Climate History & the Cryosphere
Part C: Ocean Impacts
Water is unique among Earth's natural materials. In addition to the essential role it plays in supporting life, it covers a large portion of our planet and has a freezing/melting point that is fairly close to Earth's average temperature. This results in water being present in both liquid and solid forms on Earth's surface, depending on location. Relatively small changes in Earth's average temperature dramatically increase or decrease the amount of Earth's snow and ice. Earth's average temperature today is just a few degrees warmer than it was during the last glaciation, when a large area of the northern United States was buried under 3 to 4 kilometers of ice.
Use the interactive below to explore how glacial ice and sea level have changed over the last 450,000 years of Earth's history.
- Read the introductory text. Then click the yellow arrow to continue. You can reset the interactive at any time by clicking the "Start Over" button in the top right corner.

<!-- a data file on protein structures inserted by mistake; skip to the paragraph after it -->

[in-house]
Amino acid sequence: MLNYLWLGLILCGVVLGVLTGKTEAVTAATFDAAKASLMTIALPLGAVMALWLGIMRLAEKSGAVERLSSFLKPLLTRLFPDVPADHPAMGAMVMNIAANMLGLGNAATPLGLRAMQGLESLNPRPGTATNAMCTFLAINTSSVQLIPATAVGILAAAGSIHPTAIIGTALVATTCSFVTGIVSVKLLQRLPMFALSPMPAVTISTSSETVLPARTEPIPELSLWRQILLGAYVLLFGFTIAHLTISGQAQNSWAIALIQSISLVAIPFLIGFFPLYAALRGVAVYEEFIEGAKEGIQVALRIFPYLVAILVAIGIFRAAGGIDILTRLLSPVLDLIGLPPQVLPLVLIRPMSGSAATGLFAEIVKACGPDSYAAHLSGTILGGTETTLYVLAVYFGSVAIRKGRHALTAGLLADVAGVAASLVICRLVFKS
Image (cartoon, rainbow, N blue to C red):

- Move the time slider below the graph to trace out Earth's climate history. The thermometer shows average global air temperature. The globe shows glacial ice extent in the northern hemisphere and the cross section shows the ice extent and changing coastlines around the United States.
- Use the radio buttons and yellow arrows in the bottom panel of the interactive to learn more about factors that influence global sea level. Then answer the Checking In and Stop and Think questions below.
Stop and Think
1: Describe how the U.S. coastline during the last glacial age 20,000 years ago compares to the coastline during the interglacial period 125,000 years ago. What factors contributed to these changes?
2: Does the amount of ice on Earth only affect places we typically think of as being "cold"? Explain your reasoning.